My vision starts with the actual community and the current growers.

An inclusive rather than exclusive model.

A locally grown product sold at low prices, relying on the same protections that are in place now for fresh and dried produce.

It doesn't require a $200K license or an annual inspection.

If you want to buy cannabis from someone with a license and who pays to get their facility inspected, then visit your doctor and obtain a prescription for some of the cannabis that's grown in the monitored spaces and processed in clean rooms.

The model I'm suggesting is a non prescriptive bottom up approach, as in it would be limiting to define a special kind of store with a special kind of license or restriction if we want innovation and opportunity to be the drivers of growth.

We don't define that you can only sell tomatoes at the tomato store, and we shouldn't define that we can only sell cannabis at a cannabis store.

Cannabis could be available at farmer's markets and at retail stores that are specialists and want to offer their customers choice across cultivars and cultivators.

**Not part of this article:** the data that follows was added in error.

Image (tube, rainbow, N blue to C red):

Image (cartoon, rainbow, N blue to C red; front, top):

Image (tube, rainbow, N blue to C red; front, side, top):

It should also be allowed to be freely traded and gifted, an approach which was demonstrated best by the example set in Thailand when the government freed 3000 cannabis prisoners and gave away one million cannabis plants.

The key is not be limiting in our approach to how it can be incorporated if we're ever going to hope to get the most benefit.

The direct revenue that would flow to government would be the normal GST that's added to any sale if a business' turnover exceeds the annual GST threshold.

A bottom up free market approach that starts from a position of inclusion.

If age restrictions are seen to be an issue that is too hard to walk past, then address it in the same way a small grape grower would be licensed to do cellar door sales or a small store is licensed to sell tobacco or beer.

These are not the big issues some of the anti cannabis crusaders might like you to think they are, instead they are just simple problems with very simple solutions.

Further reading - Regulated Legalization of Cannabis through Positive Human Rights Obligations and Inter se Treaty Modification.